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United Nations Secretary General Antonio Guterres has urged the military juntas in Burkina Faso, Guinea and Mali to hand power back to civilian rule as soon as possible. He also reminded the world to deliver on "climate emergency" promises.
Speaking after meeting Senegalese President Macky Sall in Dakar on Sunday, Guterres said they had agreed on the need to keep talking to the de facto authorities in all three countries so as to get a swift return to "constitutional order".
All three countries, struggling with a jihadist insurgency in the Sahel region, have recently experienced military coups: Mali in August 2020 and May 2021; Guinea in September 2021; and Burkina Faso in January 2022.
Sall is the current chair of the West African bloc ECOWAS, which has suspended all three countries from its membership.
Juntas ignore ECOWAS pressure
ECOWAS imposed heavy sanctions against Mali in January after the regime there rejected a rapid return to civilian rule.
It has threatened similar sanctions against Guinea and Burkina Faso if they fail to enable a swift transition to civilian rule within a "reasonable" timeframe.
However the military regimes in both countries have rejected the timetable set out by ECOWAS.
Last Monday, Ouagadougou said they had no plans to shorten the three-year transition period they had already announced.
On Saturday evening, Guinea's junta leader Colonel Mamady Doumbouya said he would implement a 39-month transition period to civilian rule.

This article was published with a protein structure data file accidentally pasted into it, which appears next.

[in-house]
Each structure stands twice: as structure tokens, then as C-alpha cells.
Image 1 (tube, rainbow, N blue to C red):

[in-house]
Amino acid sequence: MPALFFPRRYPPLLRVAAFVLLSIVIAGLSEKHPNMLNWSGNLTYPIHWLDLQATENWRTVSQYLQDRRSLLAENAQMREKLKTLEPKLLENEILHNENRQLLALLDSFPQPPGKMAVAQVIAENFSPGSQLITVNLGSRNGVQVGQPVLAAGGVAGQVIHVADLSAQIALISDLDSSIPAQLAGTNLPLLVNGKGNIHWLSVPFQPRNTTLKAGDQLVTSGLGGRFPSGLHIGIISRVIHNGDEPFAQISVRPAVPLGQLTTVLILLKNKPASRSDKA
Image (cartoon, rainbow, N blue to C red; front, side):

The announcement was roundly condemned by opposition leaders in Guinea on Sunday, including both the party of ousted president Alpha Condé and groups that had opposed him.
The regime in Mali is also continuing to defy ECOWAS pressure.
On 21 April it announced the launch of a two-year transition "process" before elections would be held.
ECOWAS had called for polls within 16 months at the most.
Climate crisis must be tackled
Turning to the issue of global warming, Guterres said "the climate emergency... increases the security risk" on the continent.
Acccording to Guterres, African countries are "often the first victims" of global warming for which they are "not responsible".
Developed countries had pledged to help southern hemisphere countries to finance their "transition towards renewable energies and green jobs" he noted.
"It's time to take action. It's time to keep the promise of $100 billion dollars a year made in Paris," he said, referring to national pledges under the 2015 Paris Agreement aimed at capping global warming below 2°Celsius.